Sixteen states have abolished the death penalty, and three more may join their ranks next year. In Colorado, Maryland and New Hampshire, a combination of Democratic legislative majorities and Democratic governors has created a favorable climate for abolishing capital punishment.

“These are states like Connecticut, New Mexico and New Jersey where the use of the death penalty is very sparse, and yet it’s still expensive to continue and it takes a lot of time and resources,” Mr. Dieter said.

New Hampshire Gov.-elect Maggie Hassan has made it clear that she opposes the death penalty, unlike outgoing Gov. John Lynch, a fellow Democrat who signed a bill in 2011 extending capital punishment to home invasions.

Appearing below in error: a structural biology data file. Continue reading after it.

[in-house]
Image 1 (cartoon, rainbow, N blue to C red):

In Colorado, the legislature came within one vote of passing a bill to repeal capital punishment in 2009. After flipping the state House from Republican to Democrat in November, Democratic lawmakers are expected to introduce repeal legislation as early as January.

But such legislative efforts often clash with high-profile crimes that can shake voter sentiments. Connecticut abolished the death penalty eight months before a lone gunman entered a schoolhouse in Newtown, Conn., and fatally shot 20 students and six schoolteachers and administrators. The gunman, Adam Lanza, killed himself, but the state narrowly missed the dilemma of what punishment to mete out had the perpetrator survived.